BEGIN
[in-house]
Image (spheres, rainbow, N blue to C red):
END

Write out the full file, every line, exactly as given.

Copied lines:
[in-house]
Image (spheres, rainbow, N blue to C red):